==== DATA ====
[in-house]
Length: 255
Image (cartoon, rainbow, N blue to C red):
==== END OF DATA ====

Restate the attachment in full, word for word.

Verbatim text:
[in-house]
Length: 255
Image (cartoon, rainbow, N blue to C red):